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What's behind the recent increase of Venezuelan migrants in Texas

Janell Rodriguez hands out humanitarian aide to migrants from Venezuela who are staying at a hotel provided by the El Paso Office of Emergency Management on September 21, 2022 in El Paso, Texas. The Venezuelans stay for a day or two at the hotel before being sent on to a city where their sponsors live. In recent weeks, Venezuelans have arrived in increasing numbers in El Paso. The city has had to scramble to find housing and other aid for the migrants. (Photo by Joe Raedle/Getty Images)
Janell Rodriguez hands out humanitarian aide to migrants from Venezuela who are staying at a hotel provided by the El Paso Office of Emergency Management on September 21, 2022 in El Paso, Texas. The Venezuelans stay for a day or two at the hotel before being sent on to a city where their sponsors live. In recent weeks, Venezuelans have arrived in increasing numbers in El Paso. The city has had to scramble to find housing and other aid for the migrants. (Photo by Joe Raedle/Getty Images)

A record number of Venezuelans have been crossing into the U.S. from Mexico in recent months.

The U.S. does not recognize the government in Venezuela. So, it can’t send Venezuelan migrants back. But border states like Texas say they can’t cope with the new arrivals.

“They’ve made this massive journey and then they sort of find themselves at this moment in which well, no, really they’re just at the beginning of the journey,” immigration reporter Molly O’Toole says.

A journey that for many involves being put on a bus or plane — headed north — for so-called sanctuary states.

“We don’t need bad actor middlemen to be busing people for political stunts. But we can help identify, like, what communities are welcoming?” Bilal Askaryar says.

Today, On Point: Lessons from America’s latest immigration tale.

Guests

Uriel Garcia, immigration reporter with the Texas Tribune. (@ujohnnyg)

Molly O’Toole, migration and security reporter for the Los Angeles Times, currently on sabbatical to write a book about global migration through Americas. (@mollymotoole)

Niurka Meléndez, founder of Venezuelans and Immigrants Aid, a charity supporting new arrivals to the U.S. from Venezuela.

Also Featured

Bilal Askaryar, communications coordinator for #WelcomeWithDignity, a campaign to reform the U.S. asylum system.

Read: How To Create Better Messaging Around Asylum Seekers In The U.S.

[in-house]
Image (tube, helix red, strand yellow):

Bilal Askaryar is communications coordinator for #WelcomeWithDignity, a coalition of NGOs campaigning for fair treatment for asylum seekers.

For Askaryar, the most urgent crisis is the perilous journey people have to make to claim asylum in the U.S.

“People shouldn’t have to risk their lives crossing The Darién Gap to come and ask for protection at our doorsteps,” he says. “We should be able to identify the people who are in danger, well before you know they need to make that journey. Give them visas, give them the right paperwork, and help facilitate that through humanitarian corridors.”

That sort of change to the refugee and asylum system is a long way off, and would face big obstacles in Washington.

So, in the meantime, as migrants continue to arrive, what should the U.S. be doing?

Askaryar says there is room for local governments to connect asylum seekers in places across the U.S.

“We don’t need bad actor middlemen to be busting people for political stunts, but we can help identify what communities are welcoming,” he says.

Askaryar highlights poultry processing and meatpacking plants as places many refugees are finding work in America.

“We know that there’s labor shortages across the country and there are whole industries that are basically being run thanks to refugee and asylee labor,” he says.

“Those … employers basically now just hire 100% resettled refugees, because they can’t find native born Americans who want to do that work.”

But it’s not just economics that are driving communities to welcome and embrace new arrivals.

Askaryar says recent campaigns welcoming refugees fleeing Afghanistan and Ukraine have shown the power of messaging around immigration, to humanize people in devastating situations.

“[It’s] our job to get those reasons out there better when the need and the reasons for people coming to our country becomes clear, like we saw with Ukraine,” he says.

“People clearly understood that Russia was the aggressor and invading this country. People clearly understood the news from Afghanistan, like my family was from. … People understand that. And so they can rally.”

This article was originally published on WBUR.org.

Copyright 2022 NPR. To see more, visit https://www.npr.org.